Vibration and sound technology is commonplace in video gaming controllers, PC joysticks, gamepad peripherals, and gaming seats, to accentuate game play. The Philips Force Feedback-Haptics Jacket was designed around a series of physical actuators that directly affect the user, instead of sound or vibration-based motion, which are currently utilized in modern game systems.
The Force Feedback Jacket has 64 independently controlled actuators distributed throughout the jacket including the torso and both arms. The actuators are paired in arrays of four, with each array sharing its own microprocessor – these are linked via a serial bus. Each actuator is capable of being cycled on and off at a rate of 100 times per second, which is fast enough to outpace the refresh rate of a computer screen or a TV set.
With the bulk of the actuators centered around the torso, the arms receive sufficient stimulation with eight actuators per sleeve. Paul Lemmens, Senior Research Scientist with Philips, reports “The number of total actuators used is sufficient due to the skin’s neural wiring and the way the brain perceives touch. Even though the jacket only has eight actuators along the length of each sleeve (four in front and four in back) spaced about 15 centimeters apart, those actuators can create the sensation that the arm is being tapped in several spots between the motors via a phenomenon called the cutaneous rabbit illusion.”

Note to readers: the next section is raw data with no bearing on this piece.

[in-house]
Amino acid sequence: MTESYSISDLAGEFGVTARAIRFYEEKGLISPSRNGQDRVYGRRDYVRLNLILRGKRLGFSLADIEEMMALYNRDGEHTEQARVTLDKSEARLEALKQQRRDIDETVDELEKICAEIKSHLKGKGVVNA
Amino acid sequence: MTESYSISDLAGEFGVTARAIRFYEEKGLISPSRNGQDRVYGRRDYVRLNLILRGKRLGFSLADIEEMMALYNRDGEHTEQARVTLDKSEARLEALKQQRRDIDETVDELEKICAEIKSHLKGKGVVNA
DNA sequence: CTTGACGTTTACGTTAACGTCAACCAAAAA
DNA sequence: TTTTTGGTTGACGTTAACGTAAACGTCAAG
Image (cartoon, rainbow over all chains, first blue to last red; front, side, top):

Although the jacket can simulate outside forces, translating kicks and punches is not what the actuators are meant to do. The purpose is investigating emotional immersion through the study of the effects of touch on a movie viewer’s emotional response to what the characters are experiencing in the film being watched.
The power needs of the Force Feedback Jacket are quite small. Two AA batteries can power the jacket for one full hour, even if the system was continuously driving 20 of the motors simultaneously.
At this time, there are no plans for release of the jacket, or for the development of a matching pair of pants.
TFOT has recently covered a story where a haptic interface gave computer users an accurate artificial sense of touch in “Magnets Power Haptic Computer Interface.” TFOT has also covered several stories on other high-tech wearable garments, including “Vital Jacket,” “Self Charging Clothes,” and “TRON – High Tech ID System,” used in military applications.
You may find more information on Philips’ research page.